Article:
Exchange Information Disclosure Act
Among other ObamaCare delays, it took the government nearly two months to announce any statistics on exchange enrollment. Since then, information about the healthcare marketplaces has become more available.
The glitches experienced on the federal website and other enrollment troubles have led the House of Representatives to pass a bill bringing health reform transparency to a new level. The Exchange Information Disclosure Act was passed on January 16, 2014, requiring the Obama administration to release weekly updates on the exchanges, the health law, and HealthCare.gov.
Initially viewed as an attack on health reform by the GOP, eventually Democrats agreed with the bill. 33 Democratic representatives supported the act in the final vote.
According to Republican officials, weekly updates were necessary because the administration previously only gave about one update per month. Providing more regular updates on enrollment figures could help estimate potential premium inflation and other details.
The White House did not agree with this bill, or a similar one asking the administration to inform visitors to the federal website if their information had been stolen. However, the administration didn’t say it would veto the bills either.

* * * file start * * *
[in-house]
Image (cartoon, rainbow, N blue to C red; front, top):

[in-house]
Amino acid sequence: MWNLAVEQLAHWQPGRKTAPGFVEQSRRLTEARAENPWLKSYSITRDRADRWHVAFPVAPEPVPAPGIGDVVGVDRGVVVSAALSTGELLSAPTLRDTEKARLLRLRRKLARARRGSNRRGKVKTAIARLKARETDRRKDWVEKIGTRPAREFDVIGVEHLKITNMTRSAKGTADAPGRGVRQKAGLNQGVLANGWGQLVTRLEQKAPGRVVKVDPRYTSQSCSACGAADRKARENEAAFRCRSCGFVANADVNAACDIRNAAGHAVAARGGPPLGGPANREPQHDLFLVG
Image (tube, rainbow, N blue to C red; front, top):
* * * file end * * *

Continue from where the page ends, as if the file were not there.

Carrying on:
The Exchange Information Disclosure Act requires a state-by-state breakdown tallying the site’s visitors each week, indicating how many created an account, and the number of people choosing a policy and enrolling.
The bill would also require updates on the ObamaCare website’s functionality, as it endured numerous technical errors since its launch.
Proponents of the bills suggest that the information could indicate whether or not certain providers are available through health plan networks, or that premiums could drastically increase. Having this insight in advance could prove beneficial for providers, insurers, consumers and politicians.
As the federal agencies in charge of the health law stressed the importance of transparency throughout its implementation, those irked by the Affordable Care Act became adamant that more details on enrollment be provided.
And as members of both parties found the law’s rollout unsettling, being transparent could help the administration regain trust. Yet, it’s still viewed by the HHS as another attempt to derail the health law’s implementation and impact on the large uninsured population.